And though I am rosy and hale, I am no Sisyphus. I understand that you are desperate, that you are in a tight spot, but I cannot help you. My time is valuable, more valuable than you can imagine. I don’t lend it out to just anyone. Besides, we hardly know one another. Until two minutes ago, you didn’t even exist to me. How do you expect a complete stranger to perform a job that not even a trusted friend would bother to attempt? You need to exercise more discretion in matters of this sort. You can’t just walk up to a man on the street and lay your troubles in his lap. Your intuition should have told you that I am not a charitable person. Is mine the face of a benefactor? No. You thought because I glanced at you in your helplessness that I’d be willing to halt the course of my day to take up your suffering. You were wrong. I have a meeting with a group of very powerful people and if I am late I will never hear the end of it from my supervisor, a ruthless man who flinches not at suffering. Yes, I see that you are bleeding and cannot walk. And yes, I know that the hospital is only a few blocks away. But all these streets are hills, and though I am well-built and in perfect health, I cannot carry you. The burden would be too great. 160, you say? Light as a feather? Impossible. Your clothes alone must weigh twenty pounds. I’m sorry, I have to go. The meeting will be starting soon. Please don’t tug at my sleeve. And don’t cry. You’re making a spectacle of us both. Is self-control so hard to come by these days? Since when did everything become intolerable? Perhaps the car that hit you will come back around and you can ask the driver for a ride to the hospital. He might agree to it, out of guilt. Or contact the police. I’m sure the police can help. Look, you’re standing, you’re up on your feet, there’s hope for you yet. Watch yourself, now. That’s it. You’re doing great. The hospital is that way. Just tell them what happened and they’ll take it from there. What are you doing? Why are you climbing onto my back? I told you that I am in no position to be—not my neck! If you’re going to do it, put your hands on my shoulders. And here, give me your legs. Move up some. That’s better. If I’m to be saddled with you, let me at least be comfortable. I can carry you only as far as the emergency room door, then you’re on your own. A line must be drawn. I will not allow you to further imperil me. And breathe the other way, your mouth is rotten. Tell the nurses to brush your teeth before they discharge you. And my suit: I’ll have to have it cleaned and pressed before the week is out. Yes, I know which way to go. I’m on intimate terms with these streets. I know what is required of a man to walk them, how hard it is to get from one place to another. But you wouldn’t know anything about that. The man society forgot. He who solicits compassion receives only crumbs. Compassion must be earned—and not by accident. Good, there is the hospital at the top of the hill. The muscles in my thighs are crying out. The bleeding has stopped, you say? Wonderful. You’re already on the road to recovery. Here we are: not a step more. These fine men in white will lead the way. What’s that? You don’t trust them? You want me to stay? You must not have heard me correctly the first time. I have a meeting to attend. You’re taking advantage of my generosity by asking too much. I promised to carry you this far and I have. These men are qualified technicians. Come again? No, he is not my friend. He is a homeless man. Can’t you tell? He was hit by a car. Let go of my hand. I said no. You don’t even have the presence of mind to explain yourself to these people! Don’t drag me in there. You’re acting like a child. Why are you so frightened of this place? Everything here is designed to help you, benevolence all around. I’ve used up my benevolence for the day, the year. Will he have to wait long? You’ll see him now. Good. We’re the room across the hall. Come on. I’ll sit by the door until the doctor arrives. No, I’m not sitting by the bed. You can hear me and see me fine. I don’t need to move. You want to hold my hand? Why? Are you dying all of a sudden? I thought you said the bleeding had stopped. All right, if it’ll shut you up. Give me the gloved hand. The gloved hand! Oh, hello, Doctor. Yes. Naturally. Do your stuff. The sooner we’re on our way the better. This man has caused me one hardship after another. You don’t know the strength it takes just to hold his hand. He is very needy. Keep it down! You want the wound to heal, don’t you? It’s only six stitches, a walk in the park. Squeeze my hand if it hurts, but don’t yell. There are people in here who are much worse off than you and you don’t hear them yelling. Presto! All done. I must commend you on your handiwork, Doctor. Nothing short of art. Is that a rhetorical question? Of course he’s not insured. The hospital will bill me? Me? I am not financially responsible for this man. I only just met him. He’s no one to me. Talk to the woman at the front desk. And her name? Arlene. Thank you, Doctor. Out of bed, let’s go. No, no wheelchair. I refuse to roll you through the halls when you are more than capable of walking. You’re woozy? You feel like you’re going to faint? Fine. Get in. But try not to look so feeble. Hold your head up and don’t slouch. Is your name Arlene? I was told to see you about this man’s bill. No, he’s not insured. How much? No, don’t tell me. It is better to be ignorant of these things. Here is my credit card. Charge me for the full amount now. I don’t want this ghost haunting my mail. You’re welcome, Arlene. The fluency with which I just made that transaction enrages me. I have stretched myself too far. The charade is over. I’m done. Get out of the wheelchair and don’t ask me for another thing. The doctor said you need rest? All you do is rest, every day of your life. You need work, that’s what you need. You’re hungry? I have fed you my time, my body, and my money. You are fat with me. What did I eat for breakfast? What a man eats for breakfast is his business, but if you must know, it was a Spanish omelet. Delicious. Yes. Two cups. Cream and sugar. My wife brewed it. Yes, I’m married. No, she’s at work, where I should be right now instead of standing in front of a hospital talking about breakfast with a homeless person. You’re in danger? You live on the streets. Every night is a gamble. The man in the car? The man in the car tried to kill you? What are you implying? Then go to a shelter. Hop a train to Florida. I don’t know. What did you say? That’s the most ridiculous suggestion yet. I’d be crazy. No, I told you I’m through. I can’t. I won’t. My wife will throw a fit. She’s twice as bad as me. Again, not the neck, the shoulders. Listen: you better not be lying about feeling woozy. And I have my doubts about the man in the car. I think he’s a figment of your imagination. I’m sure you suffer from some strain of mental illness, but then I might be jumping to conclusions. Yes, we have blankets, and no, you cannot use them. You’re staying in the back kitchen. And you’re leaving tomorrow. One day, that’s it. Mine is the white house at the top of the hill. Thank God my neighbors are at work. I wouldn’t know how to answer their stares. Follow me. Here’s the back kitchen. You can read the magazines in the recycling bin. They’re my wife’s. I read them when she’s not looking. The gossip sucks you in. Potato chips? Yes, you can have some chips, but stay in the back kitchen. No, don’t go in the living room. The living room is off-limits. I’m not even allowed in there. That room? That’s the guest room, but I never said you were a guest. You are an object of pity. I see you eyeing the bed. I’ve used it on those bitter nights with the wife. I don’t recommend it. The mattress is hard. If you insist. Make yourself comfortable. I’ll get you those chips.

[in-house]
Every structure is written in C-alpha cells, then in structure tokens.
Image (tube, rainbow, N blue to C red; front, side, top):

David Amadio received his MFA in Fiction from Bowling Green State University in 2001. His work has appeared or is forthcoming in Nerve Cowboy, Avalon Literary Review, Packingtown Review, and Main Course PHL. He is head writer of the comedy troupe The Minor Prophets, one-half of the musical duo Klebe and Davis, and, along with illustrator Kevin McDevitt, creator of the comic strip Small Engines. He lives in suburban Philadelphia with his wife and two children.